A day after Mayor Eric Adams announced an imminent end to New York City's controversial toddler mask mandate, citing ongoing improvement in core COVID rates, more than a handful of people are wondering which domino will fall next.
Will it be Broadway? Or mass transit? Those are among the last-standing bastions of COVID mandates in the city -- and with the federal government expected to eliminate its international testing policy on Sunday, few hard rules will remain by Monday.
The Broadway League most recently extended its mask policy for all theatergoers through June, though its president, Charlotte St. Martin, said Friday that face coverings could become optional for Broadway's 41 theaters starting July 1 if COVID numbers hold at their current rates or, better yet, trend lower.
"We are hoping that by July 1 these mask protocols will be released, but we will follow the science," St. Martin said.
Get Tri-state area news and weather forecasts to your inbox. Sign up for NBC New York newsletters.
No decision has been made yet, Martin said. The Tony Awards, which will be held at Radio City Music Hall on Sunday, will require those seated in the orchestra to have a negative PCR test and proof of vaccine, St. Martin said, while those in the balcony are required to wear masks.
As for mass transit and the MTA, which is run jointly by the state and city, Gov. Kathy Hochul said when asked about the matter Thursday that the policy was being reviewed and state officials would like to change it soon. The Democratic governor has in the past held her plans close to the vest until decision time is imminent, but sources familiar with her thinking say they think masks will be made optional soon.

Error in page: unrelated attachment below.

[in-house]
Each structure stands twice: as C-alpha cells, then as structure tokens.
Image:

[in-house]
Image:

"We've now had a 17-day decline. We are heading to a place where we could have those conversations soon," said Hochul.
COVID case and hospitalization rates have been falling across New York the last few weeks after the latter saw a significant rise associated with the highly contagious omicron subvariant -- and possibly the most transmissible strain yet -- BA.2.12.1.
While New York City remains in a high alert state, according to the health department's website as of Friday night, the CDC has downgraded all five boroughs to medium risk. The city's own health commissioner indicated Thursday that the transition from a high alert state to a medium level may come in short order.
Dr. Ashwin Vasan tweeted there was "good news" to report as the city looks to emerge from its most recent COVID-19 wave, which saw all five boroughs vault into the CDC's top risk category for community viral spread for the latter half of May.
"Cases have fallen since May 23, giving us confidence that we have passed the peak and we are heading into a safer environment," the city's top doctor wrote in his thread, noting case rates fell about 26% between that date and June 5.
Hospitalizations and deaths, the more critical indicators from a public health perspective, have also fallen over the last week, based on average rates, though those markers never saw the same levels of increase associated with earlier COVID waves from omicron and delta.